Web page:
Drought tolerant plants loathe root confinement.

There are probably just as many reasons to not grow plants in containers as there are reasons to justify container gardening. Some potted plants consume less water than they would in the ground, but only because their demand is proportionate to their limited size. They only want more water in the ground because they can grow larger.

The most drought tolerant of plants are actually the least practical for pots or even large containers. They tolerate drought because they efficiently disperse their roots so extensively. Since they can not adequately disperse their roots in pots, they rely on what they can get from a relatively limited volume of soil. However, even if watered generously, many drought tolerant plants simply can not produce enough finely textured roots to absorb enough moisture.

For example, eucalyptus trees want to begin dispersing their roots while very young. If confined, their long and wiry roots simply go around within their limited volume of soil, trying to find a way out. They can develop a few more fibrous roots than they typically would, but probably not enough to compensate for limited root dispersion.

Wild lilac (Ceanothus spp.), flannel bush, manzanita and smoke tree are not only sensitive to confinement, but have difficulty recovering from confinement if put into the ground after their roots have circled too much within a container. Pines and many other conifers are likewise sensitive to confinement, but some types can recover if the binding roots get severed before they go into the ground.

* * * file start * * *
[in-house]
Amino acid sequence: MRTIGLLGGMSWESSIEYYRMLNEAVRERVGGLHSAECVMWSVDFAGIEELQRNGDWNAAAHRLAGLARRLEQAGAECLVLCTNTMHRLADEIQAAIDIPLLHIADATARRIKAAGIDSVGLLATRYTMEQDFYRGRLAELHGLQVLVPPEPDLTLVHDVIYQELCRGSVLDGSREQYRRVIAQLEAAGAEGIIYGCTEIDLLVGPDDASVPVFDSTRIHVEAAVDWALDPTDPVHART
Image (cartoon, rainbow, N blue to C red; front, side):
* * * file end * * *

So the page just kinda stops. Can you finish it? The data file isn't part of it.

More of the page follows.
Plants with dense and fibrous roots are more adaptable to containers. Most succulents and common yucca are good choices. Ferns and some grasses also work nicely, but need to be watered rather regularly. Some types of arborvitae and juniper work better than larger coniferous evergreens. Some small bamboos can stay potted, but not larger types.

Annuals, compact perennials and many ground covers that provide color and fill in space around larger plants are naturally adaptable to container gardening, but their need for regular watering can not be denied. There simply is no practical way of combining container gardening and drought tolerance.

6 thoughts on “Drought Tolerance Versus Container Gardening

  1. Very interesting! And timely – just as I was beginning to move more things into pots. I’ve always had an instinctive feeing against this, and feel pain every time I look at a Japanese maple (pre-native garden stage) confined in a big pot for quite a while now, waiting for a real home, and not growing. I know it could be big and beautiful. The image of the roots circling around, looking for an escape route (pun incidental) kind of haunts me.

    Liked by 1 person

    1. Native plants are offended by confinement more than some of the exotic species. Some tropical plants are more adaptable to confinement because, in the wild, they need not disperse their roots very far. That is partly why they are good houseplants.

      Like

Leave a Reply

Fill in your details below or click an icon to log in:

WordPress.com Logo

You are commenting using your WordPress.com account. Log Out /  Change )

Google photo

You are commenting using your Google account. Log Out /  Change )

Twitter picture

You are commenting using your Twitter account. Log Out /  Change )

Facebook photo

You are commenting using your Facebook account. Log Out /  Change )

Connecting to %s